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    • Everybody in our country was pulled together by that awful day, Kerbey, and I know from all the people I know who lived in the immediate city area, they felt the love. They surely did. Thanks for sharing your remembrance of how you reacted.

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  12. I was at work at the local weekly I ran when I heard something about a plane hitting a building in New York. I was thinking it must be a prop plane. I got in my car to head out in search of stories. We were a Thursday paper and there were still holes to fill. Of all things to hear it from, I had the radio tuned to “Howard Stern.” How surreal to have him part of that 9/11 memory… Eventually, I found myself in a bar with a television where I saw the first tower collapse. As a news guy, you know you’ve got to find the local angle, and our local angle here on the edge of Vermont was the rumour/fear that they were closing the border down. That was the story I chased that day, stunned…

    I tell people this often, but people forget that prior to 9/11 there was a lot of talk about opening the Canada-U.S. border, making it easier for the flow of commerce and people. That’s just one of the countless things that changed that day.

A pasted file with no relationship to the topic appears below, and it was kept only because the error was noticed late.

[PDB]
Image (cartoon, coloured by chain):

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    • You had to chase your angle in your stunned pain, and it is of great interest to me that it had to do with our borders, Ross. It irks me greatly that the louses changed our relationship with that cowardly act, too, just one of the dominoes that toppled that day. As an upstater who loves the Canadian side greatly, I wish we’d have greater ease of crossing and commerce. Thank you for sharing your thoughts here, my friend.

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  13. You were up close and personal, Mark–wow. Can’t even imagine. So glad your brother-in-law made it home. It’s awful no matter where you were, but I at least was thousands of miles away, knowing it only from the tv screens. I was ironically at the top of one of our downtown’s tallest buildings (no where near as tall as what’s in NYC) working for a client. Folks were watching scenes on the TV when I walked in. Turned around and drove home, watching the horizon the whole time. My husband and I had been trying to have children for years and these events told us that this was no world to bring new folks into, so we decided to let it go – we’d remain childless. Clare was born not even a year later.

    In the end, I just don’t get why we can’t all get along. Terribly cliched and way overly simplistic, but seriously. Why not?